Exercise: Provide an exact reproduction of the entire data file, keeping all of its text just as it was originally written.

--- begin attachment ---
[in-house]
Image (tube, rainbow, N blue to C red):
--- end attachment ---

[in-house]
Image (tube, rainbow, N blue to C red):